Asylum File Contents

Thursday, March 6, 2014

Why I Don't Believe in the Concept of a "True" Horror Fan

As a horror fan you have undoubtedly traveled through the perils of social media with many of us participating in horror forum boards and various horror groups. The one topic/discussion I have seen come up time and time again is the concept of who really is a "true" fan of horror. I have seen people label themselves as such and witnessed arguments where people lash out at each other accusing one another of not being a "true" horror fan for various reasons. So, I ask what does being a "true" horror fan mean to you? My guess is there would be a lot of different answers to this question. But, honestly how do you truly measure something like that? Is it determined by how long you have been a horror fan, what areas of horror you have the most knowledge in, how much memorabilia you have collected, how many conventions you have attended, how your lifestyle is horror orientated, how many horror movies you have watched and so on. 

As a fan of the genre for several years I have been told that because there are certain horror films I have no desire to watch somehow that makes me less of a horror fan, which frankly is untrue. I personally do not like exploitation films, Asian horror or B styled horror films. Now I have watched both the original and remake of Last House on the Left and I have no need to every watch them again. I have given Asian horror a view, but didn't really get into it and B styled horror films never really appealed to me. I also don't want to watch Cannibal Holocaust or I Spit on Your Grave. Why? Because I know what they are about and frankly I am not interested in them. Now because I don't want to watch those films does that make me any less of a horror fan or not a "true" horror fan as opposed to someone who has watched those films a dozen times? No, it doesn't. Just because I have no need to watch them doesn't mean that I don't understand the impact and influence that they have in horror. The love of horror comes from the personal preference of something that you love about the genre and it expands from there. But, to say someone isn't a "true" horror fan because they didn't watch *insert movie title* like *insert movie title or sub-genre* or don't know about *insert director, actor, etc* does nothing more than alienate those that are new to the genre and create distension between other horror fans.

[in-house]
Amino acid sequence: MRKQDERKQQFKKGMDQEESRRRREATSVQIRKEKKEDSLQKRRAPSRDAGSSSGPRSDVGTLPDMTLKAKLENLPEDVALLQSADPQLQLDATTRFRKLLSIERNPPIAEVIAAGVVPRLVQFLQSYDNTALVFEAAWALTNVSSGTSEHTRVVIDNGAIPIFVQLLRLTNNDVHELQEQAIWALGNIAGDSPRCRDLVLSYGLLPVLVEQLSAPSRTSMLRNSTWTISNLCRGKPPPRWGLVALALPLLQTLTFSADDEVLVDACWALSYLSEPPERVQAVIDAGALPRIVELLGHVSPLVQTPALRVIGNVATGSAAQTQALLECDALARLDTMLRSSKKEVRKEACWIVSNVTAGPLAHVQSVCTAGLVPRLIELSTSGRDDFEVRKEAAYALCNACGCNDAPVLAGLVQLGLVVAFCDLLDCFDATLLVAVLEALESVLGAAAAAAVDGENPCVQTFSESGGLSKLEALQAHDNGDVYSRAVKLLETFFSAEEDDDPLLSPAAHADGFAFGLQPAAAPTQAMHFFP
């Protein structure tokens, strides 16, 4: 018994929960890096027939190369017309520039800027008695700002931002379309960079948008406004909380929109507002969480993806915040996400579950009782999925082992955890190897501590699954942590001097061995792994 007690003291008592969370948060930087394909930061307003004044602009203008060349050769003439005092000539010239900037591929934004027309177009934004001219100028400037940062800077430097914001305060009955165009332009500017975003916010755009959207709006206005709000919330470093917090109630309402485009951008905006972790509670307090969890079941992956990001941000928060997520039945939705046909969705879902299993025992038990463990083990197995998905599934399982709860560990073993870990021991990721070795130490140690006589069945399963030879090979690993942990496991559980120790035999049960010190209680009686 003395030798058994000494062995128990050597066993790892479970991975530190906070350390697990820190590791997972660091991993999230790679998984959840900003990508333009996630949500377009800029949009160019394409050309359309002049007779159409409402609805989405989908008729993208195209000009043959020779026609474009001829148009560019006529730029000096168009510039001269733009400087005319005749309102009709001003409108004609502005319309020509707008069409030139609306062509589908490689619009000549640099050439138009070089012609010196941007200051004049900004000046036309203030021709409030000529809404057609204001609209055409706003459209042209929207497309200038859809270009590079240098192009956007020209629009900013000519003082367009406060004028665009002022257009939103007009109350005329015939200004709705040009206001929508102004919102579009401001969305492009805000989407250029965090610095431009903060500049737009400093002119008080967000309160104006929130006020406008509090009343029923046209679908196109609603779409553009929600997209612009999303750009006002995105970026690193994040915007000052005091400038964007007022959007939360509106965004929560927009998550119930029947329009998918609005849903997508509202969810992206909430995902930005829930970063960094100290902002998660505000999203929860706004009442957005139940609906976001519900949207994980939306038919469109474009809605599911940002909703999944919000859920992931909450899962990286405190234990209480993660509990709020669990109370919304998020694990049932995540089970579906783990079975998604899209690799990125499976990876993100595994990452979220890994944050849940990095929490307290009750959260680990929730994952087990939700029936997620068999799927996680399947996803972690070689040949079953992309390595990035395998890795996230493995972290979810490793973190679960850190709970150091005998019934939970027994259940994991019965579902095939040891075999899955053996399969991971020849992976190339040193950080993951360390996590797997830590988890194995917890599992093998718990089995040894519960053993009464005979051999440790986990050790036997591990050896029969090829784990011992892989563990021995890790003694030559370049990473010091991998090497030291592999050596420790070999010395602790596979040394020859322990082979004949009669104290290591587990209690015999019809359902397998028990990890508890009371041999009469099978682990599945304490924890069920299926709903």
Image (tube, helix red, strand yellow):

Shows like The Walking Dead, Supernatural, Sleepy Hollow and Hannibal have brought horror more to the mainstream and with that an influx of new horror fans are coming into the genre. Some may really want to get into horror, but don't know really where to start. Because let's face it, it's a big genre and it can be hard to navigate through and with the concept of a "true" horror fan looming over, it can alienate future or even new fans from being part of the horror community because they may believe they can't live up to that concept. 

The bottom line for me is that there really is no "true" horror fan because we are all fans of the genre it's just that there are varying degrees of fandom from the novice to the hardcore and everything in between that run through it. To be a fan of any fandom is wanting to share your knowledge and experiences with others. I believe that deep down it is the love of horror that brings you and keeps you in the genre and that love shouldn't be used as a measuring tool to evaluate your place in it....because there really is a place for everyone in this genre!